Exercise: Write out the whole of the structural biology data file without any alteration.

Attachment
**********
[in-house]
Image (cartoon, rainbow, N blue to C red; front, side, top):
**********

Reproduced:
[in-house]
Image (cartoon, rainbow, N blue to C red; front, side, top):